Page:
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Every Question About The Tokyo Olympic Triathlon, Answered

Everything you want to know about this summer's Olympic triathlon event.

Originally published May 12, 2021. Updated July 8.

With the Tokyo Olympics finally upon us, there are still some questions. How will it all work in the COVID era? Who gets to compete? How can I watch the Olympic triathlon races?

We’ll try to answer all your triathlon-related Olympics questions here. You can also check out all of our Olympics coverage.

Will there be an Olympics?

Almost definitely. IOC officials have strongly said the Games will move forward, even as there is a surge of COVID cases in Japan, vaccination rates in the country remain low, and the Japanese public has expressed concerns about the Olympics being held. A state of emergency was declared in Japan this week, and officials have said the Games will continue amidst this lockdown—but without spectators.

RELATED: How Will the Tokyo Olympics Happen? Should They?

Will there be spectators and media at the Olympics?

No foreign spectators will be allowed into the country, and media and official dignitaries are expected to be sharply curtailed (and have to adhere to strict safety protocols and heavily limit their movements). In June, Japanese officials said they wouldd allow domestic spectators and limit them to 10,000 or 50% capacity. However, a new state of emergency declared this week forced them to walk that back. There will now be no spectators allowed.

What kind of COVID protocols do the athletes have to follow?

Strict ones. With a number of protocols tested at the Yokohama event in May (and expanded on), Olympians can expect to be required to take multiple COVID tests in the 72 hours before arriving in Japan, install an app on their phone to track their movements and health status, update any symptoms daily via an app and/or phone calls, be limited or quarantined in their rooms except for designated training times, only be allowed to train at specific times and locations, and fill out a lot of paperwork to obtain a visa.

Olympic officials have also said athletes during the Games will be tested daily, while coaches and those in close contact with athletes will be tested “regularly.” Vaccination is not expected to be required, however.

When are the Olympic triathlon events?

Local time in Japan, the men’s triathlon race will be held on July 26 at 6:30 a.m. The women’s race is the next day at 6:30 a.m. on July 27. The Mixed Team Relay will be held on July 31 at 7:30 a.m.

What time is that in the U.S.?

If you want to watch in the U.S., those times correspond to: The men’s race will be at 5:30 p.m. ET on Sunday, July 25. The women’s race will be at 5:30 p.m. ET on Monday, July 26. And the Mixed Team Relay will be at 6:30 p.m. ET on Friday, July 30.

How long is the race?

In the Olympics the athletes race what has come to be known as the Olympic distance or standard distance–i.e., 1500m swim, 40K bike, and 10K run. That’s the same distance you likely race in your local Olympic-distance triathlons, but the major difference is that Olympic and World Triathlon races are draft-legal. (Read more about the origins of the Olympic distance for triathlon here.)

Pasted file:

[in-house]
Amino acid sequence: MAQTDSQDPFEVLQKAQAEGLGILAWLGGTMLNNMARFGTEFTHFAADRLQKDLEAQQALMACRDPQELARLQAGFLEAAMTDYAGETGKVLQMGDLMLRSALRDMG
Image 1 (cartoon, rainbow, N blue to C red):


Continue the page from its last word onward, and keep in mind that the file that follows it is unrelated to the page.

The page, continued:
What does draft-legal mean?

Athletes go through a lap in a pace line back in the Tokyo Test Event. Photo: Ben Lumley/Triathlon.org

In non-drafting triathlon—i.e., what most age-group athletes race and what is commonly seen in Ironman events—athletes are required to stay far apart on the bike leg. Typically rules dictate that you can not be within 12 meters of the cyclist ahead of you in order to avoid getting an advantage (or draft) from them blocking the wind. This is compared with pro cycling, where riders will stick in a peloton or in large packs or pace lines in order to draft off the cyclist ahead of them and gain a benefit.

Draft-legal triathlon allows the athletes to draft on the bike, which means an athlete can ride right behind another athlete or groups of athletes can form packs and work together. This has strategy implications because it means it’s very important for athletes to get out of the swim with a group so they can work together on the bike leg and not get left behind—but they also want to keep in mind the upcoming run!

Drafting is always allowed on the swim and run.

Do they use tri bikes?

Because of those draft-legal rules, tri bikes or time trial bikes—again, commonly seen in Ironman and long-course racing—are not allowed. It can be dangerous to have lots of tri bikes close together. Instead, Olympic athletes ride road bikes (very nice and typically aerodynamic road bikes) with short, draft-legal aerobars on the front of them. Draft-legal aerobars are small extensions that can be attached to the handlebars and allow the athlete to get into a low-profile aerodynamic position—but they don’t stick out as far as typical aerobars and are closed, which is important in the event of a group crash.

You’ll often see the athletes get into their aerobars when they’re at the front of a group, trying to catch back up, or trying to break away, especially later in the mixed team relay when the athletes get more spread out.

Wait, how does mixed relay work?

The mixed team relay will be a new Olympic event in Tokyo. It will feature four-person teams from each country (two men, two women). Each person does a mini-triathlon and the order is women-man-woman-man. Each athlete races a 300m swim, an 8K bike, and a 2K run. Yes, that’s very short and very fast. They then tag off to the next person on their team.